Defendants contend, however, that the case was not tried on the theory that they had the last clear chance to avoid the injury and that the issue was not presented to the jury.

It might be inferred from the opening statement of counsel for plaintiff that such was not his theory of the case. Nevertheless he asked the court to instruct the jury that they might find on the issue. This instruction the court refused. What was said by counsel in their arguments to the jury the record does not show. Defendants urge that the proposed instruction was offered during the trial, and that under the provisions of section 607a of the Code of Civil Procedure, the offer came too late. This issue was not disclosed by the pleadings but developed by the evidence; consequently the offer was within the time limited by the section. It has been held that an issue is not waived by failure to ask for an instruction [Jones v. Goldtree Brothers Co., 142 Cal. 383, 388, 77 P. 939]; and had the court expressly but erroneously withdrawn the issue from the jury's consideration, they would not have been bound to follow such an instruction, and their verdict to the contrary would not be disregarded [O'Neill v. Thomas Day Co., 152 Cal. 361, 92 P. 856, 14 Ann. Cas. 970].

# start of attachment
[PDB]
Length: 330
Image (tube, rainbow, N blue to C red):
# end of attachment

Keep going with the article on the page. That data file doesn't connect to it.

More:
As stated, we are of the opinion that there was sufficient evidence to support a finding that defendants had the last clear chance to avoid the accident by the exercise of ordinary care. It follows that the offered instruction should have been given. The question was within the issues as disclosed by the evidence, and defendants as well as the plaintiff would have been entitled to an instruction requiring the jury to find thereon. Stein v. United Railroads, 159 Cal. 368, 113 P. 663. Under the circumstances the plaintiff should not be prejudiced by the error. Jones v. Goldtree Brothers, Co., supra; see, also, Ruppel v. United Railroads, 10 Cal. App. 319, 101 P. 803.

The verdict was fairly supported, and the record discloses nothing which would justify a reversal. The order is affirmed.